10 Oct Asset Values and Bankruptcy, Part 2
Ordinarily you use liquidation/tag sale/auction/pawn shop values when listing your property in the bankruptcy forms. (See Asset Values and Bankruptcy, Part 1.) There are two exceptions, both applicable when you are doing some damage to your secured creditors.
You can “redeem” collateral in Chapter 7, including a car, by paying its “replacement value.” Replacement value is defined as what a retail merchant would charge for the used collateral. The balance of the debt is discharged, just like credit card debt. Your attorney can guide you to a reputable lender for financing this redemption if you do not have your own resources (friends, family, retirement funds, or cash value life insurance), and can help you determine if the proposed redemption financing terms are better or worse than your current loan.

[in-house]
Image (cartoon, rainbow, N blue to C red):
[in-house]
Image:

The second exception to using liquidation value is when you want to “bifurcate” your secured loan in a Chapter 13 filing into two parts, a secured portion paid in full with interest and an unsecured portion paid at the same dividend rate as your credit cards and other unsecured debt. This is also called lienstripping. Interest will be at the prime rate with a possible upward adjustment, depending on your jurisdiction. Again, you will use replacement value. Your attorney can advise you about the current status of decisions on limitations to the use of bifurcation (sometimes called the 910 Day Rule or the Hanging Paragraph) and exceptions to those limitations such as those discussed earlier by my colleague Chip Parker and myself, Jed Berliner.
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